What is the White Paper on International Migration?
Keep up to date with our Teach-Yourself Series – condensed articles on current and planned changes in South African migration law. Our articles and infographics aim to spread awareness on South Africa’s migration landscape, and our standpoints on the i …
- Our general stance on the White Paper
- Changes towards migrants from Africa
- The South African asylum system
- Funding the Asylum Processing Centres
- Changes to refugee status and permanent residency
- Other provisions of the White Paper
- Children and the White Paper
- Permanent residency and citizenship
- In contrast, the 1997 Green Paper included a list of sources and references.
- The SADC region is made up of the following member states: Angola, Botswana, Comoros, Democratic Republic of Congo, Eswatini, Lesotho, Madagascar, Malawi, Mauritius, Mozambique, Namibia, Seychelles, South Africa, Tanzania, Zambia and Zimbabwe.
- The statistics in the White Paper for deportations are from 2012-2016.
- Link to our refugees act infographic here
- Link to our refugees act inforgraphic here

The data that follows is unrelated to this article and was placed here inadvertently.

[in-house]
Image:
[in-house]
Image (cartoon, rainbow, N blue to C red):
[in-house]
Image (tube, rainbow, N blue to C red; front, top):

- The White Paper also finds (in an unsourced claim) that 90% of asylum seekers do not ‘qualify for refugee status.’ We contend that a 90% rejection rate does not mean that 90% of asylum claimants do not qualify for refugee status – it simply means that they have been rejected within a battling. Contrary to the White Paper’s findings, surveys have found that a majority of asylum seekers in South Africa have valid refugee claims.
- Currently, the Lindela Holding Facility is the most similar institution to a Processing Centre – and this has been embroiled in various abuse claims.
- A study noted that as of March 2013 there was R503.3 million in pending legal claims against Immigration Affairs, with the majority related to cases of unlawful detention.
- The third-country principle is implemented elsewhere, such as in the European Union, only through multi- or bi-lateral agreements with neighbouring States, which are subject to legal standards. More on the application of this principle to South Africa can be read here.